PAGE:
It’s crucial to ensure that all materials, especially the pins and forceps, are clean and sterilized before use. This helps prevent the spread of disease or contamination between specimens. Additionally, wearing gloves and using a magnifying glass can further enhance your accuracy and hygiene during the pinning process.

By having these essential materials ready, you will be well-prepared to embark on your exciting journey of pinning insects and building your collection.


Step 1: Catching the Insects

The first step in pinning insects for collection is to catch the specimens. This is where your skills as an insect hunter come into play. Here’s a guide on how to effectively capture insects:

  1. Choose the Right Time and Location: Insects are most active during specific times of the day and in certain habitats. Research the insect species you want to collect to determine the ideal time and location for capturing them. For example, butterflies are often found in sunny areas, while moths are more active at night.
  2. Use an Insect Net: Equip yourself with a sturdy insect net designed to capture insects without causing them harm. Approach the insect cautiously, ensuring that the net completely covers it, and swiftly sweep the net in an arc-like motion to trap the insect inside.
  3. Handle with Care: Once you have captured the insect, handle it gently to avoid injuring delicate body parts or wings. Take extra care when handling fragile insects like butterflies and beetles.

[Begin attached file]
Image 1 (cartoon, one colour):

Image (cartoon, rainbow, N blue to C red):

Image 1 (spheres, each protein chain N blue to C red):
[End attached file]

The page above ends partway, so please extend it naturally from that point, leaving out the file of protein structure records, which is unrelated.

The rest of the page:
4. Euthanize the Insect: To ensure humane treatment, it is essential to euthanize the insect before pinning. This can be done by placing the captured insect in a killing jar filled with a quick-acting and safe killing agent, such as ethyl acetate. Leave the insect in the jar for a few minutes until it has ceased moving.
  5. Avoid Overcollecting: While it can be tempting to collect as many specimens as possible, it is crucial to practice responsible collection. Avoid overcollecting rare or endangered species, and remember to leave behind enough insects to maintain the ecological balance.

Remember to record the date, location, and any specific observations about the insect’s behavior or habitat. This information will be invaluable for future reference and can contribute to scientific research or simply enhance your personal collection documentation.

With a methodical approach, patience, and respect for nature, you can capture a diverse range of insect species to add to your collection.


Step 2: Preparing the Pinning Board

The next step in pinning insects for collection is to prepare the pinning board. This is where you will secure the insects in their natural position for optimal display and preservation. Follow these steps to prepare the pinning board:

  1. Select a Suitable Pinning Surface: Choose a clean and flat surface for pinning the insects. Cork boards and foam boards are commonly used as they provide a stable base for pinning without damaging the delicate insect specimens.
  2. Position the Insect: Remove the insect from the killing jar using pinning forceps or your fingers (if properly trained). Gently hold the insect by the thorax (midsection) or wings and position it on the pinning board.